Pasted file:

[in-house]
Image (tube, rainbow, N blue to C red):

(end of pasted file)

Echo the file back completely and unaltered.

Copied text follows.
[in-house]
Image (tube, rainbow, N blue to C red):